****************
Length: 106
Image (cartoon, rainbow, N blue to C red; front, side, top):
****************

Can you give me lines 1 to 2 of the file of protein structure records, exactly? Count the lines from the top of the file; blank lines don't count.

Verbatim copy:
Length: 106
Image (cartoon, rainbow, N blue to C red; front, side, top):